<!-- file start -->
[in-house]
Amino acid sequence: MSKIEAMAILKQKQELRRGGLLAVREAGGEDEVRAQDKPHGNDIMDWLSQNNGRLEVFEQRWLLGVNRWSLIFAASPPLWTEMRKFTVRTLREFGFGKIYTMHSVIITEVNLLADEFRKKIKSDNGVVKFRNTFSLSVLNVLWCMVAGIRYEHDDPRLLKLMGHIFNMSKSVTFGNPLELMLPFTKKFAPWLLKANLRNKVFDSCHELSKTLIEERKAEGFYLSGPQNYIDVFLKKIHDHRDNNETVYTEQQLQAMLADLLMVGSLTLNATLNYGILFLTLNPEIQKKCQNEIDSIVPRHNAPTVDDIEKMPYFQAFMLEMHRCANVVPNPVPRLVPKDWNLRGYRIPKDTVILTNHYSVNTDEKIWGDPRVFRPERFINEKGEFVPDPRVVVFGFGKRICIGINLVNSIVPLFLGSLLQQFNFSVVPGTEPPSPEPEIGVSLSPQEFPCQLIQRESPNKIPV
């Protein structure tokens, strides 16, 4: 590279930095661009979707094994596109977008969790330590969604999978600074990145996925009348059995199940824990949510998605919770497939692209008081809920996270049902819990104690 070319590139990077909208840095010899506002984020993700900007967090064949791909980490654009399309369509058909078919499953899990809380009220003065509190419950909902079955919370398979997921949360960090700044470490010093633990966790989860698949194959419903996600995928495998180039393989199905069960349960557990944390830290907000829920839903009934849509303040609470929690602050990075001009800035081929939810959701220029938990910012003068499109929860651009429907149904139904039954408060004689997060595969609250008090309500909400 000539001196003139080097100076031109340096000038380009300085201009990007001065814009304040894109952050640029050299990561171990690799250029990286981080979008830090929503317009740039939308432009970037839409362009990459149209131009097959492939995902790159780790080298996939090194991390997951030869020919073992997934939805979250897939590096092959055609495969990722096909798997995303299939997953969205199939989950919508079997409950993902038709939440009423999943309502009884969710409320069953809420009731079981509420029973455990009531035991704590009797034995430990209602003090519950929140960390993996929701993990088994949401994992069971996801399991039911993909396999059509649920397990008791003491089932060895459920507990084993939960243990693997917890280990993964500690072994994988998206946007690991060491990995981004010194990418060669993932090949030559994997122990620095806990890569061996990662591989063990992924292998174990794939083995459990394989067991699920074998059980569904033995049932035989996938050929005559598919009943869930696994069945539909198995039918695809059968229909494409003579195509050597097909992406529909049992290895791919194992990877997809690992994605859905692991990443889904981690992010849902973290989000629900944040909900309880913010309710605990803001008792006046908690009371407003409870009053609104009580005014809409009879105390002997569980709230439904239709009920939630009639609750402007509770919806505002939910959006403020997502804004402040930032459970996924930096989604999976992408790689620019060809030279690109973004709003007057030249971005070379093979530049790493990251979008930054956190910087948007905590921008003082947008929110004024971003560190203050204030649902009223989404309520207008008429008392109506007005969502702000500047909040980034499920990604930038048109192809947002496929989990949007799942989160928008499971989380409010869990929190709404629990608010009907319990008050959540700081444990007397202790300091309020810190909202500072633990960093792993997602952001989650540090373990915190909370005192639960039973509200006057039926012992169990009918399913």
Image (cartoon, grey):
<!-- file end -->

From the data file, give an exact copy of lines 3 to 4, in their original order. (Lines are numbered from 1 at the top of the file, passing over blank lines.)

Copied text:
């Protein structure tokens, strides 16, 4: 590279930095661009979707094994596109977008969790330590969604999978600074990145996925009348059995199940824990949510998605919770497939692209008081809920996270049902819990104690 070319590139990077909208840095010899506002984020993700900007967090064949791909980490654009399309369509058909078919499953899990809380009220003065509190419950909902079955919370398979997921949360960090700044470490010093633990966790989860698949194959419903996600995928495998180039393989199905069960349960557990944390830290907000829920839903009934849509303040609470929690602050990075001009800035081929939810959701220029938990910012003068499109929860651009429907149904139904039954408060004689997060595969609250008090309500909400 000539001196003139080097100076031109340096000038380009300085201009990007001065814009304040894109952050640029050299990561171990690799250029990286981080979008830090929503317009740039939308432009970037839409362009990459149209131009097959492939995902790159780790080298996939090194991390997951030869020919073992997934939805979250897939590096092959055609495969990722096909798997995303299939997953969205199939989950919508079997409950993902038709939440009423999943309502009884969710409320069953809420009731079981509420029973455990009531035991704590009797034995430990209602003090519950929140960390993996929701993990088994949401994992069971996801399991039911993909396999059509649920397990008791003491089932060895459920507990084993939960243990693997917890280990993964500690072994994988998206946007690991060491990995981004010194990418060669993932090949030559994997122990620095806990890569061996990662591989063990992924292998174990794939083995459990394989067991699920074998059980569904033995049932035989996938050929005559598919009943869930696994069945539909198995039918695809059968229909494409003579195509050597097909992406529909049992290895791919194992990877997809690992994605859905692991990443889904981690992010849902973290989000629900944040909900309880913010309710605990803001008792006046908690009371407003409870009053609104009580005014809409009879105390002997569980709230439904239709009920939630009639609750402007509770919806505002939910959006403020997502804004402040930032459970996924930096989604999976992408790689620019060809030279690109973004709003007057030249971005070379093979530049790493990251979008930054956190910087948007905590921008003082947008929110004024971003560190203050204030649902009223989404309520207008008429008392109506007005969502702000500047909040980034499920990604930038048109192809947002496929989990949007799942989160928008499971989380409010869990929190709404629990608010009907319990008050959540700081444990007397202790300091309020810190909202500072633990960093792993997602952001989650540090373990915190909370005192639960039973509200006057039926012992169990009918399913």
Image (cartoon, grey):